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Treatment with controlled-release lovastatin decreases serum concentrations of human beta-amyloid (A beta) peptide.

Author(s): Friedhoff LT, Cullen EI, Geoghagen NS, Buxbaum JD

Affiliation(s): Aura Laboratories, Inc., Andrx Corporation, Hackensack, NJ 07601, USA.

Publication date & source: 2001-06, Int J Neuropsychopharmacol., 4(2):127-30.

Publication type: Clinical Trial; Randomized Controlled Trial

The deposition of beta-amyloid (A beta) in neuronal plaques is believed to be crucial for the initiation and progression of Alzheimer's disease (AD). Studies in vitro have shown that inhibiting cholesterol metabolism with lovastatin, or its active metabolite lovastatin acid, lowers A beta production. To examine the effects of lovastatin on A beta in vivo, human subjects who had elevated low-density lipoprotein cholesterol were treated during a double-blind, randomized, placebo-controlled study with 10, 20, 40 or 60 mg once-daily doses of a controlled-release formulation of lovastatin, or matching placebo. Serum A beta concentrations were measured before and after up to 3 months of treatment. Mean and median changes from baseline in serum A beta concentrations showed a dose-dependent decrease, and analysis of variance indicated that treatment was statistically significant (p < 0.0348). Differences between the 40- and 60-mg dose groups and placebo were statistically significant (Dunnett's p < or = 0.05).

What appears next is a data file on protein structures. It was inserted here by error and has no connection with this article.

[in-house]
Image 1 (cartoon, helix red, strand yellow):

Page last updated: 2006-01-31

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